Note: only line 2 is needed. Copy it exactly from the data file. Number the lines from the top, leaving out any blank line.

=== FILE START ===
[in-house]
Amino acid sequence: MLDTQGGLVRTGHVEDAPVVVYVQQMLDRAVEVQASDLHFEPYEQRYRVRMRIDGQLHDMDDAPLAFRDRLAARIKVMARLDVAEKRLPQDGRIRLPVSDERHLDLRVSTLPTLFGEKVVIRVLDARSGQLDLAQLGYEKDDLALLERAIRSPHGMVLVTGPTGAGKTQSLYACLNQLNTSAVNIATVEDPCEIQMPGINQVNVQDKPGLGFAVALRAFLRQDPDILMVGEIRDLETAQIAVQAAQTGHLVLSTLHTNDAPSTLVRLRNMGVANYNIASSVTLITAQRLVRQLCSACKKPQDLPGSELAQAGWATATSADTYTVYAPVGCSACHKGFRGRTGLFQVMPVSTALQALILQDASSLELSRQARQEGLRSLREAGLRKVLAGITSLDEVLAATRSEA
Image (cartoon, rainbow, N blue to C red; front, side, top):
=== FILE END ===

Amino acid sequence: MLDTQGGLVRTGHVEDAPVVVYVQQMLDRAVEVQASDLHFEPYEQRYRVRMRIDGQLHDMDDAPLAFRDRLAARIKVMARLDVAEKRLPQDGRIRLPVSDERHLDLRVSTLPTLFGEKVVIRVLDARSGQLDLAQLGYEKDDLALLERAIRSPHGMVLVTGPTGAGKTQSLYACLNQLNTSAVNIATVEDPCEIQMPGINQVNVQDKPGLGFAVALRAFLRQDPDILMVGEIRDLETAQIAVQAAQTGHLVLSTLHTNDAPSTLVRLRNMGVANYNIASSVTLITAQRLVRQLCSACKKPQDLPGSELAQAGWATATSADTYTVYAPVGCSACHKGFRGRTGLFQVMPVSTALQALILQDASSLELSRQARQEGLRSLREAGLRKVLAGITSLDEVLAATRSEA